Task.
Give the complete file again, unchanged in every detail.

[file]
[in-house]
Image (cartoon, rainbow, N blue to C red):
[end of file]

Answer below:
[in-house]
Image (cartoon, rainbow, N blue to C red):